Researchers at the University of Virginia’s Weldon Cooper Center for Public Service today unveiled a new poverty measure designed to more accurately reflect the economic distress among residents of the commonwealth.
Using the new measure, the Cooper Center found that more Northern Virginia residents live in or near poverty than standard poverty measures would suggest, despite the region’s very high median income. The standard official poverty rate for residents inside the Beltway is 7 percent, while the new measure finds that 12 percent of Virginians in this region are in economic distress, on par with the new state poverty rate of 11.9 percent.
“Northern Virginia’s particularly high cost of housing and other goods is to blame,” lead researcher Dustin Cable said. “The new measure’s poverty rates for Virginia better conform to our common-sense understanding of the actual resources available to families, and the necessary costs they face. A one-size-fits-all poverty measure that ignores regional differences doesn’t make sense.”
The new “Virginia Poverty Measure” improves standard poverty measurement by incorporating contemporary spending patterns; accounting for regional differences in the cost of living; and including in family resources the effects of taxes, government programs and medical expenses – all ignored in current official poverty statistics. The measure is attracting attention from poverty researchers across the nation for its comprehensive and contemporary look at economic well-being in Virginia.
“Through the creation of the Virginia Poverty Measure, the commonwealth joins a handful of states taking steps to dramatically improve the way the nation has measured poverty for more than 50 years,” said Qian Cai, director of the Cooper Center’s Demographics & Workforce Group. “The methodology developed in Virginia extends the work done earlier in other states, has the potential to be a national model and can be applied by U.Va. researchers to other states using state-specific data and conditions to understand poverty among their citizens.”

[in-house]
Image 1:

Kathleen Short of the Social, Economic and Housing Statistics Division at the United States Census Bureau commented: “Many poverty researchers from across the country will find this work both impressive and valuable, especially for other states working to develop their own alternative poverty measures.”
The new measure also reports significantly lower poverty rates for Southwest Virginia, good news for a region that is typically reported as having particularly high poverty rates under the official measure.
“Although Southwest Virginia still has the highest poverty rate in the state under the new measure (16 percent), it looks much more like its neighbors to the east,” Cable said. “The region is no longer an outlier in terms of economic deprivation. Accounting for a broader array of anti-poverty programs under the new measure helps lower rates in this region, as well as in Southside, the Northern Neck, the Valley and the Piedmont sections of Virginia.”
Among other findings from the new measure is a significantly lower poverty rate for children. Cable points out that the new poverty measure accounts for a broader array of anti-poverty programs and tax credits that are preferential toward families with young children, such as the Earned Income Tax Credit and food stamps. By including these programs in the calculations of family resources, fewer families with children are found to be poor. On the other hand, by including the costs of medical out-of-pocket expenses, more seniors are found to be in poverty.